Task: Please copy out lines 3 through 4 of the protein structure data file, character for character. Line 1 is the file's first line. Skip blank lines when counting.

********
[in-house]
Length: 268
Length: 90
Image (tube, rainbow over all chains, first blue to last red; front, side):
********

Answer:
Length: 90
Image (tube, rainbow over all chains, first blue to last red; front, side):